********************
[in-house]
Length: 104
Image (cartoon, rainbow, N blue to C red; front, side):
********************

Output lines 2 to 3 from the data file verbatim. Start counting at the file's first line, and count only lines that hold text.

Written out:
Length: 104
Image (cartoon, rainbow, N blue to C red; front, side):